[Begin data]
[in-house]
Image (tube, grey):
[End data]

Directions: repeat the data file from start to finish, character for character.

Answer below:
[in-house]
Image (tube, grey):